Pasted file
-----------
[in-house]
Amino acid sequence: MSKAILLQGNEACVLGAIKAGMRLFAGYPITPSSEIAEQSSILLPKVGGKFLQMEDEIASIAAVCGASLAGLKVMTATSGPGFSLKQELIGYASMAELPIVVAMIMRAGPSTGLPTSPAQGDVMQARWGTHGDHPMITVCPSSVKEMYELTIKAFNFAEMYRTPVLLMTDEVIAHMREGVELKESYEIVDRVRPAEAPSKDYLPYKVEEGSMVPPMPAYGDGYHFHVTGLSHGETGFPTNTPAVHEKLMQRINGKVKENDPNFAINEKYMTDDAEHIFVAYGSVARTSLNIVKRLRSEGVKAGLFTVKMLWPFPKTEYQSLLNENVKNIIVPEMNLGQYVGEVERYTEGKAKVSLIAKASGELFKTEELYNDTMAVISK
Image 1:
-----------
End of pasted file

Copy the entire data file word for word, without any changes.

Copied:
[in-house]
Amino acid sequence: MSKAILLQGNEACVLGAIKAGMRLFAGYPITPSSEIAEQSSILLPKVGGKFLQMEDEIASIAAVCGASLAGLKVMTATSGPGFSLKQELIGYASMAELPIVVAMIMRAGPSTGLPTSPAQGDVMQARWGTHGDHPMITVCPSSVKEMYELTIKAFNFAEMYRTPVLLMTDEVIAHMREGVELKESYEIVDRVRPAEAPSKDYLPYKVEEGSMVPPMPAYGDGYHFHVTGLSHGETGFPTNTPAVHEKLMQRINGKVKENDPNFAINEKYMTDDAEHIFVAYGSVARTSLNIVKRLRSEGVKAGLFTVKMLWPFPKTEYQSLLNENVKNIIVPEMNLGQYVGEVERYTEGKAKVSLIAKASGELFKTEELYNDTMAVISK
Image 1: